For the Labour Party however, the night was anything but a celebration. Securing only 203 seats, the 2019 election will go down as providing the party’s the worst ever performance since 1935. During the campaign, Corbyn’s party was bombarded with anti-Semitic scandals within the ranks that the party was ultimately unable to detach itself from.
Similarly, the platform of the Labour Party was one of dissatisfaction; one that saw the party move more to the left than ever before, and whose stance on Brexit was regarded as anti-democratic.
As a result, come Election Day, the Labour Party saw “Red Wall” ridings across the Midlands and northern England, as well Labour’s traditional voter base of lower- and middle-class workers fall to the Conservatives. As a result, the party remains a fragment of what it once was, and now, following the resignation of its leader Jeremy Corbyn, will soon have be forced to look for new leadership.
With the Scottish National Party’s success in Scotland, it is clear that a Conservative Party victory will not be accepted easily by Scottish voters and supporters of the SNP. In 2016, the vast majority of Scottish citizens voted against Brexit. As a result, the victory of the SNP in securing the vast majority of Scottish seats has all but intensified the debate over independence for Scotland. With such a victory for the SNP, an independence referendum for Scotland, largely in line with Scottish support of remaining within the European Union, is expected going forward, according to SNP leader and Scottish government leader Nicola Sturgeon.
Without a doubt, the 2019 UK election served as one of the most divisive in the nation’s history. The election ultimately saw an abandonment of traditional party ties, with traditional Labour voters crossing the political aisle to vote Conservative, who, after three-and-a-half years of Brexit debate, had grown tired of stalemate.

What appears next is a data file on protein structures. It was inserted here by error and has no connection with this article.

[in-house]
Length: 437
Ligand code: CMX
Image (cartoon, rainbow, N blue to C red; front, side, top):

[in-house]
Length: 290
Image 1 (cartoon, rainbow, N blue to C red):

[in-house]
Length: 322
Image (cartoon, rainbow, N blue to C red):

That being said, at the same time, over half of the total electorate did not cast a vote in favour of Johnson’s Conservative party, serving to create disunity, with these divisions being further impregnated when considering the national divides of voting behaviour within the various nations.
While nothing is guaranteed, this Conservative win will certainly help to propel Britain towards a smoother exit from the European Union come January 31, 2020. More so, it marks the ultimate conclusion of the failure of opponents’ efforts to halt Brexit proceedings, all but establishing Brexit as imminent in a matter of weeks.
However, while Brexit is finally within reach for the United Kingdom, Prime Minister Boris Johnson will continue to face challenges of negotiating trade agreements with the European Union in possibly only eleven months. Johnson will also have to govern over a divided country.
Edited by Evelyne Goulet
The opinions expressed in this article are solely those of the author and they do not reflect the position of the McGill Journal of Political Studies or the Political Science Students’ Association.
Image by Guiseppe Milo via Flickr Creative Commons